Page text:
Amy’s art event is a crowning success
‘Let me adjust my crown and get my day started,’ was the Facebook post to Amy Uprichard on Thursday, May 21 - the day of her Irish Art Exhibition in aid of children’s cancer charities, at the Charles Gilmore Gallery.
And it was a fitting tribute too, for Amy’s determination in the face of acute myeloid leukaemia deserves recognition, and as star of this event she raised almost £14,000 for the Northern Ireland Cancer Fund For Children and Clic Sargent.
The 18 year-old’s defiance over the last two years has been an inspiration. Refusing to give up her love of ballet, she played the lead role in a performance while still on cancer treatment and she also won a beauty pageant.
Amy praised Charles Gilmore, who approached her to offered her the use of his gallery for the event.
“Charles Gilmore was great and the people from the gallery are so generous and such lovely people,” said Amy.
During October last year World Number One golfer Rory McIlroy had planted a good luck kiss on Amy’s cheek before she went into hospital and he hasn’t forgotten her - donating two of his winning 18 hole flags to her cause.
“Ten thousand pounds came in from Rory’s flags and I nearly had a heart attack,” said Amy. “People are just so willing to give when it’s for such a good cause.”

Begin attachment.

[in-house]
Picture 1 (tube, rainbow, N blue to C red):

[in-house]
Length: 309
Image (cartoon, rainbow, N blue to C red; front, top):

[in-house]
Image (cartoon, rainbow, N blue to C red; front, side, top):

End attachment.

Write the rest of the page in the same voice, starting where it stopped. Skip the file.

Amy was delighted with pieces that Mark Barclay, a nurse who looked after her through her fifth round of chemo and bone marrow transplant, had contributed.
“Mark used to paint many years ago, but gave up due to deteriorating eye-sight,” said Amy.
But with the exhibition coming up Mark had a change of heart, and working through headaches and eyestrain, produced two striking pieces inspired by Amy which proved ‘you don’t have to give up on life after all’.
One piece was for Amy to keep and the other fetched £500.
“He was over the moon about it,” said Amy, “and was the life and soul of evening.”
Amy’s sister Hannah also showcased photographic work of images she had chosen to represent Amy’s journey.
“Being able to go out and meet people you’ve never met before and share a glass of wine with them - it was just a lovely, lovely evening. People have really come out of the woodwork to support these charities that really were a lifeline to me and my family when I was so ill.
“When complete strangers send you lovely wishes, it gives you a lift and more determination to win the fight.”